The evening continues on for hours. Linda prepares a platter of boiled hot dogs. The vodka and bourbon have more or less evaporated. Meanwhile, Connelly shows part of Orson Welles's The Lady From Shanghai. Then he puts on a bunch of cartoons: a Disney World War II propaganda film, starring Donald Duck; Betty Boop as Little Red Riding Hood; a couple of Tex Avery shorts.
"Oh, man," Steve says, "Tex Avery is my god. A comedic genius. A hundred years ahead of his time."
"Still is," Connelly says. "Nothing but geniuses here."
It's around 1 AM. Connelly wants to keep going, but his guests are beat.
"Leaving so soon? Can't I get you another beer?" Connelly says.
His guests wave him off; they want to get to their favorite bar before last call.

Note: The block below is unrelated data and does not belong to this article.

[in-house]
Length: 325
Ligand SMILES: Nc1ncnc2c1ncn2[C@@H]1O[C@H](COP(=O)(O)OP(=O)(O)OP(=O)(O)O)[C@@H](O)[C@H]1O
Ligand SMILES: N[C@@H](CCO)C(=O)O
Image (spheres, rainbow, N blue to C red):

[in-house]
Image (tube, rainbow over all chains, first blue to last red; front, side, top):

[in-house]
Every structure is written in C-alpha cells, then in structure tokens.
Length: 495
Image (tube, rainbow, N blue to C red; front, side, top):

"I haven't kept time down here in years," Connelly says.
"It's late, Bob," says Steve.
"Mary Pickford said it best in her great silent film Stella Maris."
"Ah, Mary Pickford."
"When you enter this room, you have left reality."
"Wait a minute," Steve says. "She said it in a silent film?"
"You see," Connelly says, "that's what I mean. You have left reality."
Art accompanying story in printed newspaper (not available in this archive): Photos of Bob Connelly, and of some of his film reels, by Lloyd DeGrane.